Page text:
The flurry of visits by federal ministers and state premiers to India clearly demonstrates that Australia is giving the bilateral relationship more priority than ever before.
However, many of these visits have appeared reactive - exercises in damage control following the Indian student crisis. Our relationship with India tends to be marked by sporadic bursts of crisis-driven activity, followed by prolonged lulls thereafter.
The problem may well be an over-familiarity that leads each country to take the other for granted. We invariably talk about all the things we have in common, but seldom focus on our differences, leaving a huge gulf in understanding on several important matters. Little wonder that the relationship is frequently stressed to breaking point over single issues, which a stronger, strategic friendship would have taken in its stride.
The heightened awareness of each other, a fortuitous consequence of the student imbroglio, gives Kevin Rudd an unprecedented opportunity to take the relationship to a new level during his forthcoming visit to India.
While both sides will need to make special and sustained efforts to build stronger ties, it is in Australia's interest to take the lead. Without discounting Australia's importance, especially our abundant mineral resources, to India, we must appreciate this assessment of the August report of the parliamentary committee inquiry into Australia's relationship with India: "As an emerging world power, India will often have its focus elsewhere. Australia is a relatively small country - to gain India's attention, it must work hard on a number of fronts."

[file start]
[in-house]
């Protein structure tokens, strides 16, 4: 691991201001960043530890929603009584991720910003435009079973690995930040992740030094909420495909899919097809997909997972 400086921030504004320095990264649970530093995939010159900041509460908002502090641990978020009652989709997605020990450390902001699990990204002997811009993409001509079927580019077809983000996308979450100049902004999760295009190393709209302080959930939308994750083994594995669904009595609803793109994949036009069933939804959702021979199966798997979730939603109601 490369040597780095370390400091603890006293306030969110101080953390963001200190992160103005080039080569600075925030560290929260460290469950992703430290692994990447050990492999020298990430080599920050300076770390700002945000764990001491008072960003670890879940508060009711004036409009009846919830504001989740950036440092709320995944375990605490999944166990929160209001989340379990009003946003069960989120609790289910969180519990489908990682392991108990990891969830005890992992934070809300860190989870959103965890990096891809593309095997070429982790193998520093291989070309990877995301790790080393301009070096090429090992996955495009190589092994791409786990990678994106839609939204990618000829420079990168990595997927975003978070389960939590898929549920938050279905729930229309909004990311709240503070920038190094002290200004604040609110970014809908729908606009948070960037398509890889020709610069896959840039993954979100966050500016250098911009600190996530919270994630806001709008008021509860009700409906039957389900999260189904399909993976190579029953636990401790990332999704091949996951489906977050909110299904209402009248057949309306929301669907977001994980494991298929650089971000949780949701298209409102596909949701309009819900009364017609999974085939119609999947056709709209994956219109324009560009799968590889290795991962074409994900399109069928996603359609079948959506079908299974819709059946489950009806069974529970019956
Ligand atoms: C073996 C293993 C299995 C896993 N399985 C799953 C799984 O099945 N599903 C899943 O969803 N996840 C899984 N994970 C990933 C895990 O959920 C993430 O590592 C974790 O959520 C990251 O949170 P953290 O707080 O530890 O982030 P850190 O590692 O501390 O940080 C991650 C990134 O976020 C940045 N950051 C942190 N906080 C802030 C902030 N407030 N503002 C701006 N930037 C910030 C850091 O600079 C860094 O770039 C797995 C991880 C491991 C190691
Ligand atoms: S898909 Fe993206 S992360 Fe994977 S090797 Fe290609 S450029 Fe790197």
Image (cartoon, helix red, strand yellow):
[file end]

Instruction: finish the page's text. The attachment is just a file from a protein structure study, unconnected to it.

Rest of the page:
Another compelling reason for us to make a special effort is that India is fast becoming our biggest supplier of skilled human resources. To attract its best and brightest, we will have to win their minds and hearts.
Rudd's 2020 Summit also emphasised India's rising importance. The stream I was part of - Australia's future security and prosperity in a rapidly changing region and world - strongly recommended the "engagement of major regional economies: US, Japan, China, India", probably the first time a high-level public forum grouped India with the countries that dominate Australia's foreign policy focus.
To translate this recommendation into reality, we have to play catch-up, benchmarking our links with India against those we have already forged with the US, Japan and China.
This would prompt us to accelerate our free trade agreement negotiations with India and to institute a bilateral dialogue along the lines of the highly successful Australia America Leadership Dialogue.
The India we are now faced with is a new, confident and assertive country, one which expects to be recognised as a major power in its own right. New India, above all, wants respect. This can make it very sensitive and quick to react, or even overreact, to perceived slights or inappropriate treatment of its citizens, as was so evident in the Indian media's coverage of the student issue.
It also expects to be treated seriously. Our image in India will benefit if we display more gravitas and resist the traditional compulsory references to superficialities such as cricket, curry and Bollywood.
We should also approach India with openness and honesty. On sensitive issues such as racism, we should avoid our usual reaction of denial. Acknowledging that, like every country, including India, we are not free of racist behaviour, will give us credibility when we rightly take credit for our non-discriminatory immigration policy, our transformation from White to Multicultural Australia, the thousands of students who have received a good education here and the burgeoning number of Indians who happily call Australia home.
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